Exhibit holds that sharks should fear humans more than vice versa
Stars and Stripes | .
published: August 11, 2016
Most of our understanding of sharks comes from works of fiction, such as the “Jaws” or “Sharknado” movies. In other words, they’re villains. And then there’s the occasional story of a surfer in the wrong place at the wrong time.
The not-so-subtle message of “Planet Shark: Predator or Prey,” an exhibit at the Bishop Museum in Honolulu, is that while this ancient creature is at the top of the ocean food chain, sea life would collapse without sharks playing their role. And their villainous reputation is a bad rap.
The exhibit is kid-friendly, with several hands-on displays and a kiosk for tracing the outlines of various types of sharks. One display allows children to assemble the pieces of a shark in a puzzle.
The main hall has been converted into a massive multiscreen theater, with undersea video of sharks projected floor to ceiling — and on a part of the floor. The setup gives viewers a sense of being underwater with sharks jetting left and right.
The series of short videos features different species: blue shark, tiger shark, bull shark, hammerhead, great white and others.
One clip shows an astounding shark feeding frenzy on a vast school of baby mackerel. The school does its best to elude the predators, as tens of thousands of them zig-zag in a futile ballet of escape.
Sharks have evolved relatively little during the past 16 million years, according to the exhibit. Some species are basically the same as they were 200 million years ago. Sharks predate dinosaurs, insects and mammals.
Their secret to survival has been the ability to adapt their hunting in deep sea, shallow water, rivers and reefs. The bull shark can live in both saltwater and fresh water.
There are more than 440 known species of sharks, with more yet to be discovered. The whale shark claims the title of both largest shark and largest fish in the world.
Getting back to the villainy of sharks: Yes, they are a top predator of the sea, but the threat they pose to people is relatively low. How rare are attacks on humans?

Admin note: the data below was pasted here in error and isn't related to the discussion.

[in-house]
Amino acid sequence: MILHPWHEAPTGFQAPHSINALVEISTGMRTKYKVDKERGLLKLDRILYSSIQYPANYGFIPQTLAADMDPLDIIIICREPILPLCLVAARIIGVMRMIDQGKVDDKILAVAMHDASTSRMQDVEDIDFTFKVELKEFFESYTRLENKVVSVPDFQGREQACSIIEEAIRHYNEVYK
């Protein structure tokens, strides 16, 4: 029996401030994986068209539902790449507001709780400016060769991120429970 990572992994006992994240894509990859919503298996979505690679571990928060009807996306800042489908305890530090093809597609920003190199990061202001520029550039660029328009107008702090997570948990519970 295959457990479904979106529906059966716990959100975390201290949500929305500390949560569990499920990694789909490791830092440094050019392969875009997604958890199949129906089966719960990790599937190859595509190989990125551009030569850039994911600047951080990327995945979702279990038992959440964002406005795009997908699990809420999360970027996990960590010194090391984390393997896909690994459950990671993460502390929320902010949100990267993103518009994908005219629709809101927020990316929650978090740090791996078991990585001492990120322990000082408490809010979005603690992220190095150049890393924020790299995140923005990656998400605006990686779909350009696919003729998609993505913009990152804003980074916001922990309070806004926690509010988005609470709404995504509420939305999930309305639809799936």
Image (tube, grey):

From the exhibit: “More people died in 2015 taking selfies than were killed by sharks.”
Cows kill an average of 22 people in the United States each year; mosquito-borne diseases kill a million people a year; about 25 people die in saunas annually; falling coconuts take the lives of about 150 people each year; roughly 450 die each year after falling out of bed.
Shark attacks kill an average of four people a year.
That doesn’t mean there aren’t some common-sense things to be done to avoid attracting this toothy predator. The exhibit offers some eminently practical advice: avoid water at dusk and dawn, avoid waters where sharks have been seen and don’t get in the water if you’re bleeding.
Also, don’t buy into the myth that the presence of dolphins means sharks aren’t about. They both like to eat the same things and are drawn to similar waters.
On display is a military jumpsuit that includes a packet of Shark Chaser, a repellent developed by the U.S. military during World War II to be carried in the lifejackets of airmen and sailors. Shark Chaser was used by the military until 1975, but it “did little to repel sharks” and was more a “morale booster” than effective deterrent, the exhibit said.
In recent decades, sharks have had far more to fear from humans than vice versa. The demand for shark fins by some Asian countries has led to mass slaughter, whereby the fins are cut off and the dead sharks are dumped back into the water.
A 2013 study published in the journal Marine Policy estimated 97 million sharks were killed through fishing in 2010 — intentionally or not. The kill rate is beyond the so-called “rebound rate” for births to maintain many shark populations.
“The consequences of these unsustainable catch and mortality rates for marine ecosystems could be substantial,” the study said. “Global total shark mortality, therefore, needs to be reduced drastically in order to rebuild depleted populations and restore marine ecosystems with functional top predators.”
After eons of unchanged dominance, sharks are now the prey.
See “Planet Shark: Predator or Prey” at 1525 Bernice St., Honolulu, Hawaii; Bernice Pauahi Bishop Museum, Castle Memorial Building, first floor.
9 a.m. to 5 p.m. daily through Sept. 5
$22.95 adults; $19.95 adults with military ID; $19.95 seniors; $14.95 ages 4-12; free for ages 3 and younger. Parking in the museum lot is $5 per car. INFORMATION
Photography and videography are allowed. (808) 847-3511; www.bishopmuseum.org/exhibits